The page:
Americans are flourishing, Donald Trump insisted during Tuesday night’s State of the Union address. Unemployment is down; so is poverty. Everyone is delighted and having a very good time. “Under the last administration, more than 10 million people were added to the food-stamp rolls,” he added. “Under my administration, 7 million Americans have come off of food stamps, and 10 million people have been lifted off of welfare.” Congressional Republicans leapt to their feet and roared approval.
I note, because this is a Trump speech, and certain traditions must be observed: The president is not telling the full truth. The number of Americans on food stamps did increase during the Obama administration. But the increase was linked to the recession, which Obama did not cause. Later, in 2014, Obama signed a version of the annual farm bill that cut the food-stamp budget by $800 million. If Trump’s criticism is that the wastrel Democratic president threw gobs of money away on lazy poor people, it doesn’t quite hold.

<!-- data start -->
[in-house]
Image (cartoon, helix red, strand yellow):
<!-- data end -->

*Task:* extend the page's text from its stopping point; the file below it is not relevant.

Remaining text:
Trump’s braggadocio about his own record is similarly undermined by reality. The president spoke tonight of a “blue-collar boom,” an economic golden age instigated by his administration’s deregulatory policies. This is false — unemployment is down, but wages are largely stagnant, and income inequality reached historic heights last year. People didn’t stop using food stamps because their economic circumstances had drastically improved. The percentage of Americans on food stamps shrank because the Trump administration changed eligibility standards. The president took help away from people who needed it. That’s not proof of a blue-collar boom. In fact, the administration has demonstrated no real interest in creating a blue-collar boom at all.
Trump’s economic priorities consist of slashing welfare, deregulating industry, and passing tax cuts that mostly enrich the wealthiest people in America. No standing ovation can obscure the basic fact that the Trump presidency has been disastrous for the poor.